Paul Gillespie: Obama Channels Nixon in Asia PivotRoundup: Media's Take
Paul Gillespie is a foreign editor and columnist for the newspaper The Irish Times.
“If you are a strategic thinker in China, you do not have to be a paranoid conspiracy theorist to think that the US is trying to bandwagon Asia against China.” So says Simon Tay, chairman of the Singapore Institute of International Affairs, in a comment on the new United States “strategic pivot” towards the Asia-Pacific region. It highlights what promises to be one of the key geopolitical trends in coming decades.
Last year Barack Obama and Hillary Clinton made successive pronouncements on this shift of focus. It was woven into their positions on military spending, trade, regional security and relations with China. Obama repeatedly affirmed the US role as a Pacific power, while Clinton asserted US willingness to mediate conflicts between China and other states about mineral rights and access to the South China Sea and similar sensitive sea zones in China’s neighbourhood.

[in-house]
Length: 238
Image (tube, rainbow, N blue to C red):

Bandwagoning in strategic thinking has to do with weaker and smaller states accommodating the most powerful one to appease it or profit from its expected victory. It is usually counterposed to balancing or allying against a threatening power to deter it. Containment has to do with preventing a hostile power expanding. It comes between detente or engagement and rollback or military attack to prevent that.
Such language has been out of fashion since the cold war conflict between the US and the Soviet Union. It has been resurrected now to describe the emerging US policy towards China and the growing importance of trans-Pacific relations for international politics in this century...
comments powered by Disqus
- Conservative historian Arthur Herman slammed for saying Obama is highly submissive to Putin and other strong leaders
- Intellectual historians to gather in October
- Yuri N. Afanasyev, Historian Who Repudiated Communism, Dies at 81
- History professor gives Pittsburgh, PA columnist an “F” for a op ed on slavery
- Sharon Ullman says the work of historians is becoming increasingly invisible